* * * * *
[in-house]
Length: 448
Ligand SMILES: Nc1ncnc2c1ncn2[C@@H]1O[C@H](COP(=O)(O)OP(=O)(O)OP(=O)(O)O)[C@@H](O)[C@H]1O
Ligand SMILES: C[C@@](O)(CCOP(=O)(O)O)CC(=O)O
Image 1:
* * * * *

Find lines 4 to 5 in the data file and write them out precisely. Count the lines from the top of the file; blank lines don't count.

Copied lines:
Ligand SMILES: C[C@@](O)(CCOP(=O)(O)O)CC(=O)O
Image 1: